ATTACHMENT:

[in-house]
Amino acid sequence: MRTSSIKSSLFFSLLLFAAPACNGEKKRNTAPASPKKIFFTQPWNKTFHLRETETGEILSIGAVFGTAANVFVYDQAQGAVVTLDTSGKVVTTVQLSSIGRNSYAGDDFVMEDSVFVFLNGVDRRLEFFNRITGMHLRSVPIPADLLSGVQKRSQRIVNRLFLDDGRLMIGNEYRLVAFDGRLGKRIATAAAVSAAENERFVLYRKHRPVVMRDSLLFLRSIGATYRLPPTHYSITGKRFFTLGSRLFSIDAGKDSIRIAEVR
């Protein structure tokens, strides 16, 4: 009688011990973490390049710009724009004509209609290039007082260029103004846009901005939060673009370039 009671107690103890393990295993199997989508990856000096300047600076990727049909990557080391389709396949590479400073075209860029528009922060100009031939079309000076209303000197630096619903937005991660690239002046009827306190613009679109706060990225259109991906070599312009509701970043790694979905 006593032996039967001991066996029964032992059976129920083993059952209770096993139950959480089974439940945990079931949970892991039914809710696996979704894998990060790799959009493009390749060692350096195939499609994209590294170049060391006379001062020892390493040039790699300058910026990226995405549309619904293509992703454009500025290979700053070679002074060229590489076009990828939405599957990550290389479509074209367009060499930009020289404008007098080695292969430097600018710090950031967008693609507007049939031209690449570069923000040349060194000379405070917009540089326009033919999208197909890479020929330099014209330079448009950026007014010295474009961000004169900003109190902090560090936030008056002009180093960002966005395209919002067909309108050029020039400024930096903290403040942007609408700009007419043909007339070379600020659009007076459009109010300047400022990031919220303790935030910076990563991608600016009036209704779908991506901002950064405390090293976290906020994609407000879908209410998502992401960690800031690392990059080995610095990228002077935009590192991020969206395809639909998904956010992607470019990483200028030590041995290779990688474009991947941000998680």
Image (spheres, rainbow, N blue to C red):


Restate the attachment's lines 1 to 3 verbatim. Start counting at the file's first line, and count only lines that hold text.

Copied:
[in-house]
Amino acid sequence: MRTSSIKSSLFFSLLLFAAPACNGEKKRNTAPASPKKIFFTQPWNKTFHLRETETGEILSIGAVFGTAANVFVYDQAQGAVVTLDTSGKVVTTVQLSSIGRNSYAGDDFVMEDSVFVFLNGVDRRLEFFNRITGMHLRSVPIPADLLSGVQKRSQRIVNRLFLDDGRLMIGNEYRLVAFDGRLGKRIATAAAVSAAENERFVLYRKHRPVVMRDSLLFLRSIGATYRLPPTHYSITGKRFFTLGSRLFSIDAGKDSIRIAEVR
């Protein structure tokens, strides 16, 4: 009688011990973490390049710009724009004509209609290039007082260029103004846009901005939060673009370039 009671107690103890393990295993199997989508990856000096300047600076990727049909990557080391389709396949590479400073075209860029528009922060100009031939079309000076209303000197630096619903937005991660690239002046009827306190613009679109706060990225259109991906070599312009509701970043790694979905 006593032996039967001991066996029964032992059976129920083993059952209770096993139950959480089974439940945990079931949970892991039914809710696996979704894998990060790799959009493009390749060692350096195939499609994209590294170049060391006379001062020892390493040039790699300058910026990226995405549309619904293509992703454009500025290979700053070679002074060229590489076009990828939405599957990550290389479509074209367009060499930009020289404008007098080695292969430097600018710090950031967008693609507007049939031209690449570069923000040349060194000379405070917009540089326009033919999208197909890479020929330099014209330079448009950026007014010295474009961000004169900003109190902090560090936030008056002009180093960002966005395209919002067909309108050029020039400024930096903290403040942007609408700009007419043909007339070379600020659009007076459009109010300047400022990031919220303790935030910076990563991608600016009036209704779908991506901002950064405390090293976290906020994609407000879908209410998502992401960690800031690392990059080995610095990228002077935009590192991020969206395809639909998904956010992607470019990483200028030590041995290779990688474009991947941000998680």